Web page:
Holding Onto The House– The Buy or Sell Dilemma in Divorce

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Ah, home sweet home.  Home is your happy place where you can rest and unwind.  It is the place you selected to start your family and where you and your family make memories. There is justifiably so much sentimental value tied up in the marital home, which is why deciding on the final disposition of the home is one of the most daunting, but important decisions to make during the divorce process.

If you’ve owned a home in Massachusetts for more than a few days, chances are that it has gone up in value since you purchased it.  Massachusetts has seen its median sale price for homes skyrocket by over twenty percent in the past five years, with total appreciation rates of nearly thirty percent during that same period.  So, in addition to that sentimental value, it is also likely that your home has a lot of market value, which can be both a gift and a curse in the context of a divorce proceeding. Sure, more money is great, particularly when each party is (in)voluntarily reducing her/his total net worth by roughly half in the divorce, but these high values of real estate often dwarf the rest of the marital assets, thereby making the decision of what to do with the house even more challenging.

For the purposes of dividing assets in a divorce, determining the value of certain types of assets is not as straightforward as looking at an account balance or even finding the fair market value.  The “value” of the real estate in the divorce context is not necessarily in the fair market value, but in the equity in the real estate.  To determine the equity in the property, you need to establish the fair market value and then subtract any existing encumbrances (i.e., mortgage, home equity line of credit, lien, etc.).  To illustrate, if your cozy, contemporary Cape in Cohasset has a fair market value of $500,000, with an outstanding mortgage of $200,000 at the time of divorce, then you have equity of $300,000.  The equity of $300,000 is the figure that is subject to division in the divorce, not the $500,000 fair market value.  That said, you cannot accurately determine the equity without first determining a fair market value, which is often done in the divorce process by having a professional appraisal done of the house.

Once you determine the equity, then it is time to decide what to do with the home.  While your options are fairly limited, it does not make the decision process any easier for the reasons stated above.  Basically, you can agree that the home will be sold, or that one party keeps the home and “buys out” the other party’s equity interest in the property.

Deciding to sell the marital home can provide a much needed and clean financial and emotional break for both parties, though challenges still arise.  For example, when the parties ultimately decide to sell the home and split the net sale proceeds (the money left over after mortgage is paid, broker’s commission, closing costs, etc.), then a common challenge is that one or both parties may find her/his post-sale financial situation to be insufficient to buy back into (or rent in) the high-priced housing market in Massachusetts.  This challenge can be compounded if there are minor children, such that both parties may have to find a multi-bedroom home within a specific community or area to accommodate the housing and educational needs for the children.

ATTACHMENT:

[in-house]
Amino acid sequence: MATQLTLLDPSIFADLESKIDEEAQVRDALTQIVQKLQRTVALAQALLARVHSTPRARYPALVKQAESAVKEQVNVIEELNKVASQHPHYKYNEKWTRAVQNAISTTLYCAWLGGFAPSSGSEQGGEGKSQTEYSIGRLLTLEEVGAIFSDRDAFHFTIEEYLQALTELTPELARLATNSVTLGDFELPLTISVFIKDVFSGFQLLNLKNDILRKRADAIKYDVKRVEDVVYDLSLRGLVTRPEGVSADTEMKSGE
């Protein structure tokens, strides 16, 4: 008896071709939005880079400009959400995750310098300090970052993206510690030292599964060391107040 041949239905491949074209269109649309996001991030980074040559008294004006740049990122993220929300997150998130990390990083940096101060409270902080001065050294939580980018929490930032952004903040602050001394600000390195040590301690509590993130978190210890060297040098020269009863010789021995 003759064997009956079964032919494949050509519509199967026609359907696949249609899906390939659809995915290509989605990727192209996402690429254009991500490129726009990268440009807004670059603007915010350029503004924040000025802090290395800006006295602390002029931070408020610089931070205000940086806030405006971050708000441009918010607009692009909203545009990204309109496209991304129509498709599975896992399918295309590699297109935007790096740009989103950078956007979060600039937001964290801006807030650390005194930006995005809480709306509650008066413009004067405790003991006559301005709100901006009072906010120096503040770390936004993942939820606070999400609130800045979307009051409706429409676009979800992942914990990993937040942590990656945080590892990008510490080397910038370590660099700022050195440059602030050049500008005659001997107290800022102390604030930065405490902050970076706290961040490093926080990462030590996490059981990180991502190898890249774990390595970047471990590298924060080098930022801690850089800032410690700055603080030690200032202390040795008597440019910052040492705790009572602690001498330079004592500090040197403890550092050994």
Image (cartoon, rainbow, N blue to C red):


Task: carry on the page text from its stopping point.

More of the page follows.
Likewise, the buyout process is not without its challenges either.  Using the $300,000 equity figure in the illustration above, if the parties agree to divide the marital assets equally, then the party who is staying in the home with the $300,000 in present equity would need to buy out the other party’s fifty percent interest, which is worth $150,000 in this scenario.  The party keeping the house would need to come up with $150,000 within an agreed upon time and likely refinance the existing mortgage into her/his sole name.  If there are sufficient other assets in the marital estate to satisfy the buyout, then the party who is not keeping the home would receive an additional $150,000 from other assets (often cash) to satisfy the buyout.  If there are insufficient other marital assets to satisfy the buyout figure, then the party keeping the house may have to rely upon other sources of funds (i.e. loan from family members, a secondary mortgage or home equity line, etc.) to pay the other party in a timely manner.  Given the high market values in homes in Massachusetts, the party who decides to keep the home and buyout the other may end up in an unenviable situation in which s/he is house rich and cash poor.

There is often no perfect solution in deciding what to do with the marital home in the divorce.  As challenging as it may be, it is important for divorcing spouses to think of the marital home decision as a financial one and not an emotional one.  Once the division of assets is set forth in a divorce judgment, there is no going back to renegotiate.  Given the high values of homes in Massachusetts, the disposition of the marital home may be the single most important financial decision to make in the divorce process.  Seek the advice of trusted advisors (attorneys, financial planners, etc.) to evaluate your options before planting the for sale sign into the front lawn or deciding to take on an albatross of a mortgage by yourself.